Please use this identifier to cite or link to this item:
DC FieldValueLanguage
dc.contributor.authorLim, V.
dc.contributor.authorAmin, N.
dc.contributor.authorFoong, C.S.
dc.contributor.authorAhmad, I.
dc.contributor.authorZaharim, A.
dc.contributor.authorRasid, R.
dc.contributor.authorJalar, A.
dc.description.abstractThis paper presents the effects of two different catalytic activation techniques on the thermal performance of flip chip heat spreaders. Electroless nickel plating is used as a plating technique as it can form a uniform thickness of nickel layer onto the copper substrate. Catalytic activation process needs to be done first to deposit some nickel atom onto copper substrate, so that the deposited nickel is able to catalyze the following reduction process. The two activation techniques investigated are galvanic initiation and thin nickel-copper strike. High temperature storage tests were ran to investigate the extent of intermetallic diffusion between the nickel and copper layers. Thermal diffusivity of these heat spreaders was studied using the Nano-flash apparatus. The results obtained showed that heat spreaders processed with thin nickel copper strike have lower thermal diffusivities (35-65 mm2 s -1) compared to those heat spreaders processed with galvanic-initiation (60-85 mm2 s-1). It is also discovered that the nickel-copper intermetallic layers of these heat spreaders grew thicker from 0.2 μm at initial time until 0.55 μm after high temperature storage of 168 hours. Nickelcopper intermetallic layers have lower thermal conductivity compared to pure copper, this further degrading the thermal diffusivity of these heat spreaders. As a conclusion, the galvanic initiation technique provides better thermal performance for heat spreaders used in semiconductor package.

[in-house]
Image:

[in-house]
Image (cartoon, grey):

dc.titleEffects of different catalytic activation techniques on the thermal performance of flip chip heat spreader
item.fulltextNo Fulltext-
Appears in Collections:COE Scholarly Publication
Show simple item record

Google ScholarTM


Items in DSpace are protected by copyright, with all rights reserved, unless otherwise indicated.